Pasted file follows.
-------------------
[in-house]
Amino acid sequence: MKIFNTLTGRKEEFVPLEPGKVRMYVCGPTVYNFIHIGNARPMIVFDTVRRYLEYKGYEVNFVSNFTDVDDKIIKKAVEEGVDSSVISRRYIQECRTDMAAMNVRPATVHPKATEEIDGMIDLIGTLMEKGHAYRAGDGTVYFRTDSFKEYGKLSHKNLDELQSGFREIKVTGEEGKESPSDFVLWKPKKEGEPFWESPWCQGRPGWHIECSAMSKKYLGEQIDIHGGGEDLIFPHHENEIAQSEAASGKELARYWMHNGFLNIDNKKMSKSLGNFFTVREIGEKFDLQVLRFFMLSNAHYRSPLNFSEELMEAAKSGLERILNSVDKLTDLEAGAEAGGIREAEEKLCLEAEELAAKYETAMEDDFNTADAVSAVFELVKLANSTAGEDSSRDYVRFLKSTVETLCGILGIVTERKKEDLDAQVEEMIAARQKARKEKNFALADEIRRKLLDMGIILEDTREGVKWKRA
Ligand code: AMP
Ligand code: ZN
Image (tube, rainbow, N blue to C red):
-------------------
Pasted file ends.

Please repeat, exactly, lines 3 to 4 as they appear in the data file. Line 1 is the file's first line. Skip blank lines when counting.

Ligand code: AMP
Ligand code: ZN